Dan Wagner, president of the Toledo Police Patrolman’s Associ-ation, announces his union’s endorsement of D. Michael Collins, left, at the Toledo Police Patrolman’s Union Hall on Friday.
Unions representing about 1,000 Toledo police officers and firefighters, still smarting over Mayor Mike Bell’s support for “exigent circumstances” in 2010 and the failed 2011 Senate Bill 5 effort, on Friday threw their support behind former police union president D. Michael Collins.
The presidents of the Toledo Police Patrolman’s Association and Toledo Firefighters Local 92 said they were backing Mr. Collins in the Sept. 10 mayoral primary because he understands collective bargaining and the role of the safety forces. Mr. Collins is a political independent.
The show of uniformed support boosts Mr. Collins’ campaign, which has been lagging, at least in fund-raising, far behind three other competitors — independent incumbent Mayor Mike Bell and Democratic candidates Lucas County Auditor Anita Lopez and Councilman Joe McNamara.
TPPA President Patrolman Dan Wagner said of Mr. Collins, “his integrity is not for sale, not to this union, not to any special interest group. He has always done what’s in the best interests of the city of Toledo.”
Mr. Collins, 69, was president of the TPPA, which now has about 500 members, from 1989 to 1999 and has represented Council District 2 in South Toledo since 2008.
Fire Capt. Jeffrey Romstadt of Local 92 said Mr. Collins “understands what it’s going to take to have a harmonious relationship between administration and labor, and he understands safety forces.”
How much difference the endorsements will make in the election is unclear. Many police and firefighters live outside the city and cannot vote in the election. And if Mr. Collins loses in the Sept. 10 primary, it would be awkward for either of the unions to then back another candidate.
Mr. Bell responded to the endorsements by two unions that supported him in 2009 by saying he took unpopular measures to get the city out of a potential $48 million deficit in 2010.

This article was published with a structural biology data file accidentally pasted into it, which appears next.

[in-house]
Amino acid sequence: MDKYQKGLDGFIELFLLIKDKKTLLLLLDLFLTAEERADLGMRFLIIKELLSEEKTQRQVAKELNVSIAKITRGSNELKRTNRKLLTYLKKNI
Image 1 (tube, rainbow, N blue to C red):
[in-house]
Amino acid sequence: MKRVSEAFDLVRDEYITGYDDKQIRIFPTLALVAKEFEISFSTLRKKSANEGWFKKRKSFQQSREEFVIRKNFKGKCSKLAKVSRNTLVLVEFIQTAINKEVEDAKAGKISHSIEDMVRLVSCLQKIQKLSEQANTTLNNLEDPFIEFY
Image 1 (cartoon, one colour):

“I had to choose between the taxpayers and my employees. The taxpayers were telling me not to raise their taxes so that meant I had to deal with things internally and we continued to deliver services without laying anyone off,” Mr. Bell said. “They may be mad at the mayor but they are still gainfully employed.”
Mr. Bell said his administration has provided the equipment safety forces need — including 225 new police cars, a new ladder truck, and construction or rehabilitation of three fire houses. He also said he is on track to by the end of the year to have hired 180 police officers and 192 firefighters, and said that tracked crime is down 17 percent.
Ms. Lopez’s campaign issued a statement saying it was not surprising that a former police union president would get the backing of safety unions.
“Anita Lopez is proud to have the overwhelming support of Toledo’s labor unions,” said spokesman Diane May. “His endorsement is further evidence of the deteriorating relationship between Mayor Bell and his safety forces.”
The McNamara campaign declined to comment.
Mr. Collins expressed appreciation for safety forces’ willingness to face danger on their jobs and referred to them as brothers and sisters.
“When the men and women who put their lives on the line for the safety of this community stand behind you I think that’s pretty significant. I believe that this support will resonate throughout this community,” he said.
The union leaders objected to Mayor Bell’s “exigent circumstances” legislation of 2010, which he used to force concessions from city unions.
Mr. Bell has said he demanded concessions because the union presidents insisted he lay off police and other employees rather than agree to cuts that would preserve jobs.
Mr. Wagner denied that was the case, and said police officers have taken retirement earlier and in larger numbers than expected because of what he said was the mayor’s “attacks” on officers’ working conditions.
“He has claimed he hired more police officers in the last three and half years than in the last 12 years but we are still left today with fewer officers on the streets than when he took office,” Mr. Wagner said. “And that is because of the attacks on the officers.”
The gulf between the city unions and the mayor widened again in 2011 when Mr. Bell publicly supported Senate Bill 5/Issue 2, the Republican-backed measure to weaken public employee bargaining rights.
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